Dr. Guillem Ramos-Poquí

Here I want to share with you three aspects of technique , namely the egg media, the cross-hatching, and the water gilding, (which I have used in both the Icon of St Therese of Lisieux and the Calvary for Dublin), following Fr Jacob’s methods (an excellent Greek iconographer from the Monastery of Dionyisiou in Mount Athos) handed to me by my friend, the Greek iconographer Protoklys-Pieris Nicola.



I now use a new method (used by Fr Jacob) for water-gilding which does not require the use of the gilder’s cushion, or gilder’s knife, or gilder’s tip, and which enables you to apply the entire gold leaf in one go!


Following Fr Jacob’s method, the bole is applied using water-gelatine 1:15 (not 1:24), rather thin to start then thicker, the consistency being that of a runny cream, only four to six coats, applied criss-cross. Then comes sanding following the numbers of the wet-and-dry sandpaper, starting with 600, then 800, then 1000 and then 1200 (and you must not mix up this sequence). Then, after sanding to perfection, you go over the surface with a natural sponge (from e.g. Boots) slightly moistened with purified water to remove any bits of dust lying around the bole’s surface. Finally (and this is used by a great icon painter I met in St Petersburg), when the surface is dry, you rub it vigorously in all directions using a nail-brush (from Boots the Chemist) to a perfect polish.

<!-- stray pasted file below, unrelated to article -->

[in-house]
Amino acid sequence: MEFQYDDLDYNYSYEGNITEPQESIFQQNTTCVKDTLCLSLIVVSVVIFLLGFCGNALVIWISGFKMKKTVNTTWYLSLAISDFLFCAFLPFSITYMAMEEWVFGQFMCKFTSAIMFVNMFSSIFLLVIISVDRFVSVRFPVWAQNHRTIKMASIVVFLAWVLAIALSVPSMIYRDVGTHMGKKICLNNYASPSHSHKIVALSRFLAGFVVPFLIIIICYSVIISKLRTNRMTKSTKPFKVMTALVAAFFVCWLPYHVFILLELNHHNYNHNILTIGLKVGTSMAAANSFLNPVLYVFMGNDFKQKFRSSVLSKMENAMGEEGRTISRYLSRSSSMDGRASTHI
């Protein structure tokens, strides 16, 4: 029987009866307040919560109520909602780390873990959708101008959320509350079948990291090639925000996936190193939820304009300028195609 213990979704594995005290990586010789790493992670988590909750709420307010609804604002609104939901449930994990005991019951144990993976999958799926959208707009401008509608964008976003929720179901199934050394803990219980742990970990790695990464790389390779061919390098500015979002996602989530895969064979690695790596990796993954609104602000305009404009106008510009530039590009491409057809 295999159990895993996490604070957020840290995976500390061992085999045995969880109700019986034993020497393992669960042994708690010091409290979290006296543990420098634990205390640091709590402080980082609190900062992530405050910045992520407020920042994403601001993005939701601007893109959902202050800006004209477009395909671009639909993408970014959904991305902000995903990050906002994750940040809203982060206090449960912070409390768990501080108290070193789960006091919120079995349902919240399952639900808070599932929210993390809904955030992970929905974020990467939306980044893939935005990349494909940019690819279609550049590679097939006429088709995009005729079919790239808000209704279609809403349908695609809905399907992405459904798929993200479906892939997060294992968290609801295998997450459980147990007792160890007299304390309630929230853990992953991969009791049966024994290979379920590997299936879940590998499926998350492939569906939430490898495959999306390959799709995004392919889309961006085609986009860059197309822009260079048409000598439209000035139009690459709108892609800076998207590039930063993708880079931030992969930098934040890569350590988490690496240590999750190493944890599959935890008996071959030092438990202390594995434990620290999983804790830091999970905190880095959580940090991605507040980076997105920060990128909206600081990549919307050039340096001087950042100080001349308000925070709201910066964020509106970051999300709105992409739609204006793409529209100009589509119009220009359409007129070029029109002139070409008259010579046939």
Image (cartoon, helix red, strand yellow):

The method I use is the ordinary method of water gilding; the difference is that I use a particular transfer gold. But not all transfer golds are suitable. I use German Ducate 23 ¼ carat transfer gold (from Handover in London, Tel 0207 2729624) . You simply flood the surface of the bole with purified water, using a very large round pointed sable brush (no need to add either meths or a bit of glue to the water, because the bole has already glue in it). Then you simply press the gold leaf onto the damp surface. Using this method, for best results, you should double gild, then you will get a great burnish.